Briercrest alum is giving his church a great return on its investment
By Rob Schellenberg
Jeremy MacDonald. Submitted photo.
he Moncton Wesleyan Church is getting a great return on its investment.
The church leadership saw potential in a bright young man at their church, and after internships and years of study at Briercrest College and Seminary, Jeremy MacDonald (College '09) has returned to help with a growing youth program.
Dave Steeves (Briercrest 2000) is Jeremy MacDonald’s mentor and is providing leadership to the pair’s youth ministry as they are in the midst of a three-year plan that will see Steeves move into young adult ministries and the transfer the youth program reins to MacDonald.
The team work is showing results that many would consider abnormal, especially considering that MacDonald graduated from Briercrest College and Seminary just last year.
The Wesleyan Church in Moncton currently touches approximately 700 youth with the message that Christ loves them.
The young people are reached by breakfast clubs, lunch time outreach programs, and trips outside of the church.
“They get a chance to know for sure that somebody does care about me and somebody does love me, and that’s catchy—that spreads,” MacDonald said.
They then go back to the mid-week studies, and discipleship programs. The committed students are encouraged to participate in mission and leadership opportunities with continuous contact with quality leaders who are caring adults.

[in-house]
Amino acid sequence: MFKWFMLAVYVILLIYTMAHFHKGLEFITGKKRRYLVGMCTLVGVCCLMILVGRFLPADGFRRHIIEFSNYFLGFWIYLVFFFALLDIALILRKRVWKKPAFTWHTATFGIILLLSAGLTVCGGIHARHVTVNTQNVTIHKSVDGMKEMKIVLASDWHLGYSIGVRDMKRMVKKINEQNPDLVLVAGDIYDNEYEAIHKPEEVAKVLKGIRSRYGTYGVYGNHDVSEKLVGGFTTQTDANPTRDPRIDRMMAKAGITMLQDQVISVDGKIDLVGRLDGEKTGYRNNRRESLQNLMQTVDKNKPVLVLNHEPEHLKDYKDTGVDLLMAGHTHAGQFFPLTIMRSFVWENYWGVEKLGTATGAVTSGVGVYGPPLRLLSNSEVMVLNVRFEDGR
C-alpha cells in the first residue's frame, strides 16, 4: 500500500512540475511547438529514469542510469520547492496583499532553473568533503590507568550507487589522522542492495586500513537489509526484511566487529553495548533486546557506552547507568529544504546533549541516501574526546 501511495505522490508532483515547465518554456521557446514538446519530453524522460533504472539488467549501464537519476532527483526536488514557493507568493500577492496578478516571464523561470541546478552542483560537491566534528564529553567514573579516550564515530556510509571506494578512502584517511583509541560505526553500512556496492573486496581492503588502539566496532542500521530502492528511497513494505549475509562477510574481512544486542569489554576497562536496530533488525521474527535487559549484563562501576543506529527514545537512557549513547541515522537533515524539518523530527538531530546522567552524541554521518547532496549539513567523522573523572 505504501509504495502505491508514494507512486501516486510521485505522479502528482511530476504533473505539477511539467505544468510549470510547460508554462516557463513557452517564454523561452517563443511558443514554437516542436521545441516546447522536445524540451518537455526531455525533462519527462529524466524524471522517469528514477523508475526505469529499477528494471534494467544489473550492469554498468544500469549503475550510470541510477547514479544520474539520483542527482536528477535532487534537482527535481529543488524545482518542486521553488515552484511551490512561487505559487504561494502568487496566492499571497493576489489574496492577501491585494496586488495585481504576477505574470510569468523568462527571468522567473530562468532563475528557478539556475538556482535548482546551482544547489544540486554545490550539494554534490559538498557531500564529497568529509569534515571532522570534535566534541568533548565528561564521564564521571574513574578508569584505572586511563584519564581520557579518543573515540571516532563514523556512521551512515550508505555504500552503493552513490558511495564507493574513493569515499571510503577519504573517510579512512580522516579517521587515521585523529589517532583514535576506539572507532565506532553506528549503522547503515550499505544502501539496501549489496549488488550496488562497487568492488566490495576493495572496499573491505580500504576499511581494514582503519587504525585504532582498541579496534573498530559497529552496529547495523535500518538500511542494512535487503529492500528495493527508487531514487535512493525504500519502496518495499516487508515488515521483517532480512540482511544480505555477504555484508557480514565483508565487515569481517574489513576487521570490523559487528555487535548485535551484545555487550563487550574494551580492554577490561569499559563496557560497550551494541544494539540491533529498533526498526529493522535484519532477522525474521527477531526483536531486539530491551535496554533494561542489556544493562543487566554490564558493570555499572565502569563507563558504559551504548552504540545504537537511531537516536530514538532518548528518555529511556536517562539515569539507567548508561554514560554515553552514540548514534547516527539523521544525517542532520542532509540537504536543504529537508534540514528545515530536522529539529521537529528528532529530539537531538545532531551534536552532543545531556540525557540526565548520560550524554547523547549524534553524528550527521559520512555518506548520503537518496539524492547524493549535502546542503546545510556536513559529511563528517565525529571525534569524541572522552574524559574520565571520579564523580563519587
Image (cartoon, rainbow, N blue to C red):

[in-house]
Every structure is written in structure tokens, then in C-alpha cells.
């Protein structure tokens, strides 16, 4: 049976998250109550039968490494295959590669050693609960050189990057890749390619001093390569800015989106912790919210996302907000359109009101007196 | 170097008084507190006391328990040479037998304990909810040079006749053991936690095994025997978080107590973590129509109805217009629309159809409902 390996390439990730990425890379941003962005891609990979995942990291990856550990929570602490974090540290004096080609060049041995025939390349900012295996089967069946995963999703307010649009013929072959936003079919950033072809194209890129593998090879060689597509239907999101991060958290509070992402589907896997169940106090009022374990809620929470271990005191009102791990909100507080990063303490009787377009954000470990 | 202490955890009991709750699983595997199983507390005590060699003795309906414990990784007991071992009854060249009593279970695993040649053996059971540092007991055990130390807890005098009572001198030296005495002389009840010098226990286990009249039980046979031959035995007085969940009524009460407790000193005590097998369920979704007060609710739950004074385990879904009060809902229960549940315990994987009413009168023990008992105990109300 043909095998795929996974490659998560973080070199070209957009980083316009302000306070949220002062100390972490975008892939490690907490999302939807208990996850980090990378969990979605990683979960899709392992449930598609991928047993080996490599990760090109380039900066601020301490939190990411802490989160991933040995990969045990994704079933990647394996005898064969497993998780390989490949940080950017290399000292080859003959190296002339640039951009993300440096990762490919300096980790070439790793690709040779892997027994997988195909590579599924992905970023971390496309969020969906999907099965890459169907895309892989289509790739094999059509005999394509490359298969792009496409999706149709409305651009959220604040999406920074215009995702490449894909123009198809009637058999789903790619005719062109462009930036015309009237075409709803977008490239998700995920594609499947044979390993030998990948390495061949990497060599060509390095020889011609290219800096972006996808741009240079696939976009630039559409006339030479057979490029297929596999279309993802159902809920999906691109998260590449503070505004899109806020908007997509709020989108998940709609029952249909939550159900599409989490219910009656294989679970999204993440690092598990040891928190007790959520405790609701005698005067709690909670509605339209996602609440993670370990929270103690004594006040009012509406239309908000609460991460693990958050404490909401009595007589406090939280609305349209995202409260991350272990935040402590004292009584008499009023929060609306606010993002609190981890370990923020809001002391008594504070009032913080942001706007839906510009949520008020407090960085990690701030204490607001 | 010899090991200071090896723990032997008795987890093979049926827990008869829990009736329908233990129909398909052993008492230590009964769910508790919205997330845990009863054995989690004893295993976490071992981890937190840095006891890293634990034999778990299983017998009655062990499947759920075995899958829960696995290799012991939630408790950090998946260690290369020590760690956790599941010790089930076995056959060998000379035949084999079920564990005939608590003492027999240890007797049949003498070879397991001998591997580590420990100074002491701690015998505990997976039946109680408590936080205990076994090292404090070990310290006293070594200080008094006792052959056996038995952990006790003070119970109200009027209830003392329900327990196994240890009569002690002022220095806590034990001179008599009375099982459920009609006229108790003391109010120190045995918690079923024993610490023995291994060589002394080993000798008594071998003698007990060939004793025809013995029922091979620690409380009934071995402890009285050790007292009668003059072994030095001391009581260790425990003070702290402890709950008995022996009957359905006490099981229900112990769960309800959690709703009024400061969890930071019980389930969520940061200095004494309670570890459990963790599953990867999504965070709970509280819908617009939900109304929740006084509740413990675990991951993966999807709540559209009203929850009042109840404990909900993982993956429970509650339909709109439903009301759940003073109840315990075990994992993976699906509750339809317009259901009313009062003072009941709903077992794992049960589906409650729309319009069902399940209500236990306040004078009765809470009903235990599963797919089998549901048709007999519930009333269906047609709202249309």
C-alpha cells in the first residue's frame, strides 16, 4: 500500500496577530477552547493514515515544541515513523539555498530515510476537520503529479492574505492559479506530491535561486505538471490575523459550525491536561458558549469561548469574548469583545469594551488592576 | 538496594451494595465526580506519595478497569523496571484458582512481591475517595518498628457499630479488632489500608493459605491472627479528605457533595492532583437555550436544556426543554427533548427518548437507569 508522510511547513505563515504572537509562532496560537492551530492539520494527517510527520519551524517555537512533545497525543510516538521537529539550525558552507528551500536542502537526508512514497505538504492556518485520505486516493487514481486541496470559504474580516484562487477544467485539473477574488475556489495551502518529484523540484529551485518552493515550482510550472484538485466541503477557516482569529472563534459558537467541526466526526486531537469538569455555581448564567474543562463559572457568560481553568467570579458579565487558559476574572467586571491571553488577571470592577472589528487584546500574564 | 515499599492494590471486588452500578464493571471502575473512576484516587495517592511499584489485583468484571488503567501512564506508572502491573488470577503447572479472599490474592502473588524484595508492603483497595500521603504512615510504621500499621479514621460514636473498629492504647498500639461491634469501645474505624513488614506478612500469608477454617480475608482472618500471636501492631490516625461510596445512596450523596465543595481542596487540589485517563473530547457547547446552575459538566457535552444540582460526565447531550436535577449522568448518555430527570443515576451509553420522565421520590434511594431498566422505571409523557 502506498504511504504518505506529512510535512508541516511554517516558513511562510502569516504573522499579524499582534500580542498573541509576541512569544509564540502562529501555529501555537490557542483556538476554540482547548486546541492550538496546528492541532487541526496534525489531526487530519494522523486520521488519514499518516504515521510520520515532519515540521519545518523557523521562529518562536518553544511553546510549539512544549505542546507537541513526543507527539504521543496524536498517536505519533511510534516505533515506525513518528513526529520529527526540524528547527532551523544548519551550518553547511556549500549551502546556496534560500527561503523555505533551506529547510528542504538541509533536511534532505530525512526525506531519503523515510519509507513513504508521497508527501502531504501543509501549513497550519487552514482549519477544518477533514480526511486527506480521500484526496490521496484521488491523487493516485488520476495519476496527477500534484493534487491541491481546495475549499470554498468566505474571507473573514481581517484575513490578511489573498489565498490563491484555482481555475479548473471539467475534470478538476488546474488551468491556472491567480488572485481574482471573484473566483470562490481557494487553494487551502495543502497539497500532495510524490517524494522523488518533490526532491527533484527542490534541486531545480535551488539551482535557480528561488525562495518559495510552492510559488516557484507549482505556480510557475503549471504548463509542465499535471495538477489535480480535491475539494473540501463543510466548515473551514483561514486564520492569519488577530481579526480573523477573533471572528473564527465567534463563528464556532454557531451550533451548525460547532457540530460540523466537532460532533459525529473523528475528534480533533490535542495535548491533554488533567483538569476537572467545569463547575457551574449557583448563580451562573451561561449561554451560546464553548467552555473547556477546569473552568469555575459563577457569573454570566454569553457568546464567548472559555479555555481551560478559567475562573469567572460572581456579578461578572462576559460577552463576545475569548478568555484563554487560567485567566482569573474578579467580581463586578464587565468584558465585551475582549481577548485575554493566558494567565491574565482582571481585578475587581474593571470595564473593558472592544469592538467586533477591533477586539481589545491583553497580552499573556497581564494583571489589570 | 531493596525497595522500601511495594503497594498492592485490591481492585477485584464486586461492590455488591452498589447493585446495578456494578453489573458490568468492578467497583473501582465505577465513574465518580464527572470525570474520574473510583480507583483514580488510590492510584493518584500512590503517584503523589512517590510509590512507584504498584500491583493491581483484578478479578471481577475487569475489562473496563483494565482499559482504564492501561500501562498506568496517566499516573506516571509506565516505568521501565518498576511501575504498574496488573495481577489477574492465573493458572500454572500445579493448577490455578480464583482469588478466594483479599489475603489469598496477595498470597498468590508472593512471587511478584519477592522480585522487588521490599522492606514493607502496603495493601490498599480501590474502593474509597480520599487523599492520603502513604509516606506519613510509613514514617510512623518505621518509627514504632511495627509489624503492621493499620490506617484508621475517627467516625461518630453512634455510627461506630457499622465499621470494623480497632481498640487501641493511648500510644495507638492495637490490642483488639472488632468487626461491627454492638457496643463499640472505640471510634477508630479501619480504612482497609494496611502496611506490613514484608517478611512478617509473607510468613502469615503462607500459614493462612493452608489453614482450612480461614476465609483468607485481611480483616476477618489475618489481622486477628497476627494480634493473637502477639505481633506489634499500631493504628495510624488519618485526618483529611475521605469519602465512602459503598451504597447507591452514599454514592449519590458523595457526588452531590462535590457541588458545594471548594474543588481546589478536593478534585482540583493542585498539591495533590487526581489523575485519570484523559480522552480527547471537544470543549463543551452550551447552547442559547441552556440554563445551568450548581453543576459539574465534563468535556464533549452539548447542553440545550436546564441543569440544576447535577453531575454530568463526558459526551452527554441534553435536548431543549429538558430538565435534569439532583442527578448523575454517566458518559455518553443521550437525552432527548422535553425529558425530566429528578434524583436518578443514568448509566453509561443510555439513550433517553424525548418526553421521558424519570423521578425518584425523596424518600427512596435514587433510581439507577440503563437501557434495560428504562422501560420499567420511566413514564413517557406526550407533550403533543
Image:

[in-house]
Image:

MacDonald retells the story of how almost all of one Grade 6 class from a local middle school is now coming to the program after three church youth kept sharing its excitement.
“That kind of momentum is definitely what makes our group so big.” MacDonald is thankful for the training he was given before leaving Caronport with a BA in Youth Ministry. He studied under and worked for several great professors and credits professors Marv Penner and Sean Davidson with giving him the tools to succeed.
“It was just a phenomenal dream come true to be able to sit in Marv Penner’s classes.”
“To learn from him, any class that I took, was just golden.” The Moncton pastor added that Penner knew the priorities successful pastors needed to have and he had seen the vast range of successful ministries.
“I’ve been prepared very well from someone who has already walked this path before.”
Sean Davidson also gave MacDonald a new love for an area of academics that was foreign to the New Brunswick native.
“I was really blown away and impressed. I had never liked English in high school. He brought the material alive and made it fit into my one-track mind.”
Working for both Davidson and Penner as an intern and attending Davidson’s home church also gave MacDonald a perspective on walking the “Christian walk.”
“So to be able to see them on a one-on-one kind of thing— that also helped bring the material to life. That hey, this isn’t something that they’re teaching out of a book, but something they want to live and they really want to see you get the material and then to go and use it in the Kingdom, which is exactly what I was hoping to do and so it really resonated well with me.”
MacDonald started his studies through distance learning because it allowed him to save money living at home while doing an internship at the Moncton church prior to coming to Caronport. That allowed him to know what questions to ask and what areas of study he needed.
“I was doing youth ministry before I learned to do youth ministry.”
“It gave my whole education a new flavour ... knowing more of what I was going to be doing, I could ask the right questions.”